Cornerback Leon Hall
Outside of his work as a psychologist, Dr. Herbert (Herb) Tannenbaum is an avid sports fan. Dr. Herb Tannenbaum particularly supports New York teams, such as the Giants.
The New York Giants signed cornerback Leon Hall during the off-season. The franchise made the announcement public at the beginning of August 2016. The player agreed to a one-year contract that potentially pays up to $2 million. His addition to the team is part of the Giants’ strategy to bring new talent to its defensive line, which is one of the team’s weaker points.
Leon Hall will join Janoris Jenins and Dominique Rodgers-Cromartie. A backup to rookie Eli Apple and a slot specialist, he may have the opportunity to take over the starting position if the first-round pick is unable to fulfill his duties. The Giants will determine if the change in starting positions is necessary to give Apple more time to acclimate to professional sports. Hall, on the other hand, has played in the NFL for nine years. He concluded his last season with two interceptions and nine blocked passes.
Yankees, 1996 World Series
For the last 41 years, psychologist Dr. Herbert (“Herb”) Tannenbaum has worked with individuals and couples at his private practice in River Edge, New Jersey. When not providing support as a psychologist, Dr. Herb Tannenbaum follows New York Yankees baseball. He has attended 20 consecutive opening day games and witnessed the team win the 1996 World Series in person.
While the New York Yankees have won a record 27 World Series titles, some can be considered more memorable than others. The 1996 win, for example, marked the team’s first championship in nearly two decades. It also signaled a New York baseball renaissance, with the Yankees going on to win four World Series titles in five seasons to go along with six World Series appearances over eight seasons.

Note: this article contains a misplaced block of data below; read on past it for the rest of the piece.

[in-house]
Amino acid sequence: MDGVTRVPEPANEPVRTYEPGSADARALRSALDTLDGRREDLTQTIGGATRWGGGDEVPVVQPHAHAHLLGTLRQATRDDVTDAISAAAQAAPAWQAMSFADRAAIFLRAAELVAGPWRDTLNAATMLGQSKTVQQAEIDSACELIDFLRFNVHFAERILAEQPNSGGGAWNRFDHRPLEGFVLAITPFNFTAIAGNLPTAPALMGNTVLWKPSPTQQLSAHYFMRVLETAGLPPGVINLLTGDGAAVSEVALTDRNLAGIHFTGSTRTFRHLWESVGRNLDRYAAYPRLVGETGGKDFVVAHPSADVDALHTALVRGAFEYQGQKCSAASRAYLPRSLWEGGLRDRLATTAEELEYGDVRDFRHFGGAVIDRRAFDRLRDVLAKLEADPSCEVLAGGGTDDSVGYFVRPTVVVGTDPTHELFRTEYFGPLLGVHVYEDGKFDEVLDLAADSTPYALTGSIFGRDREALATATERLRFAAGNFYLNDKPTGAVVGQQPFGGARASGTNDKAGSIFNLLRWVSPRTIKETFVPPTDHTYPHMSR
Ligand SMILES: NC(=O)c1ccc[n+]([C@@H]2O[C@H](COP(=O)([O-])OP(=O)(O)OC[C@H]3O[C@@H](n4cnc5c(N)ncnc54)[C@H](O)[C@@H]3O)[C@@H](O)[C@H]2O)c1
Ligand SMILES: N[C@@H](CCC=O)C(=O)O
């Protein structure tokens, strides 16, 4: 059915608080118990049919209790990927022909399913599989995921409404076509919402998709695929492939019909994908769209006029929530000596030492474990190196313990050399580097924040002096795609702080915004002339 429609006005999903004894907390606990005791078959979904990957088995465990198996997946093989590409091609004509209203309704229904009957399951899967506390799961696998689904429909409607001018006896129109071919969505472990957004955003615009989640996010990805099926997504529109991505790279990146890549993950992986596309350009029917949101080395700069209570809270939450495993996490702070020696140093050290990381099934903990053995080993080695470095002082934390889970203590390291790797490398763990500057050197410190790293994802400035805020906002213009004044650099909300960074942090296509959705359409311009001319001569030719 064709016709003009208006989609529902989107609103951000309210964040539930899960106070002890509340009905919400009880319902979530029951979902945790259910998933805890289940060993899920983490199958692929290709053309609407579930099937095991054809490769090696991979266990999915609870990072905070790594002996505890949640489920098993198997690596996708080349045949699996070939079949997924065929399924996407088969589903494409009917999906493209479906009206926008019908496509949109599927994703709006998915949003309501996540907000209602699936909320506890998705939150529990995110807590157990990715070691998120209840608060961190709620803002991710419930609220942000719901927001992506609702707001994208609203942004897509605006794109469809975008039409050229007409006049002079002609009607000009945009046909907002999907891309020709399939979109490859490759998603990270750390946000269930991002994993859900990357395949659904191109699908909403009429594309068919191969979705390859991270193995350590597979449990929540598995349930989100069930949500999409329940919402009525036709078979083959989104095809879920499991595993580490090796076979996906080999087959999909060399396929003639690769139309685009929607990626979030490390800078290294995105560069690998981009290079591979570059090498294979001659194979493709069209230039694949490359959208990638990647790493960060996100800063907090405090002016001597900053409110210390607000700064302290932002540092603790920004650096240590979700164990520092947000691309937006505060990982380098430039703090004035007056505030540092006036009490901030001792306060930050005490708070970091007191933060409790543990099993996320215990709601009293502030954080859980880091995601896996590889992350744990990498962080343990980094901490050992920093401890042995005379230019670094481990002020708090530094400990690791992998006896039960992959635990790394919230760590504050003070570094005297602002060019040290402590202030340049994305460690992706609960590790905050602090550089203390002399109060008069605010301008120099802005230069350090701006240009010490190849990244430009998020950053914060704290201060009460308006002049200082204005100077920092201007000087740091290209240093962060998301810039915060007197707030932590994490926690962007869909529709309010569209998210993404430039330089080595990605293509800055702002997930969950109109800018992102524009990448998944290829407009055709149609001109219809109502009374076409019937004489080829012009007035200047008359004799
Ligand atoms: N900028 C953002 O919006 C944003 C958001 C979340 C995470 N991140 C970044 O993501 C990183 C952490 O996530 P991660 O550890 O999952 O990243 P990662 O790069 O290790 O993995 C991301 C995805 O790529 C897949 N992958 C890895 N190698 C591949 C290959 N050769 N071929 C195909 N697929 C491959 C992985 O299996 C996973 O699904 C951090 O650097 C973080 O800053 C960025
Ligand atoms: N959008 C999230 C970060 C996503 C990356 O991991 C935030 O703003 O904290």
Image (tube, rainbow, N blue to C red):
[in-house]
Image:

The Yankees won 92 regular season games in 1996. After 3-1 and 4-1 series victories over the Texas Rangers and Baltimore Orioles, respectively, New York faced the 96 win Atlanta Braves in the World Series. Despite winning just four more regular season games, the Braves set a much less competitive tone in Yankee Stadium II, winning Game 1 by a score of 12-1. New York dropped a second home game 4-0 to fall down two games to none.
Atlanta returned home with a commanding series lead, at which point the Yankees went about making baseball history. New York scored a 5-2 victory in Game 3, an 8-6 extra innings win in Game 4 to even the series 2-2, and a narrow 1-0 win in Game 5 for a 3-2 series advantage. The Yankees scored the first home win of the series in Game 6, edging out the Braves by 3-2 and securing the franchise’s first championship since 1978.
Getting the Love You Want
Psychologist Dr. Herbert (“Herb”) Tannenbaum has relied upon imago relationship therapy (IRT) as a means of supporting relationships for more than four decades. Based in River Edge, New Jersey, Dr. Herb Tannenbaum also works with individual patients.
IRT provides couples with the tools they need to endure challenging times together and, in some cases, to view their relationship as unhealthy or unsustainable. Although the timing of its application and specific issues to be addressed by IRT can vary from case to case, several aspects of IRT make its application suitable for most if not all cases.
A number of relationship problems can be traced back to poor communication and an inability of an individual to share his or her true desires with another. IRT helps both people in a relationship to identify their subconscious needs and convey them directly to the other. Similarly, imago therapists seek to explain the ineffectiveness of treating surface problems, focusing instead on helping patients to identify core issues that multiply into hurt feelings and negative encounters.